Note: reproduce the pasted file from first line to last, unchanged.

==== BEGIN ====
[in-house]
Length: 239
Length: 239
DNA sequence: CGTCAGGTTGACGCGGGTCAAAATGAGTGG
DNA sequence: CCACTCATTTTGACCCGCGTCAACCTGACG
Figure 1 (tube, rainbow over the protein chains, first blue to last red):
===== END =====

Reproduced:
[in-house]
Length: 239
Length: 239
DNA sequence: CGTCAGGTTGACGCGGGTCAAAATGAGTGG
DNA sequence: CCACTCATTTTGACCCGCGTCAACCTGACG
Figure 1 (tube, rainbow over the protein chains, first blue to last red):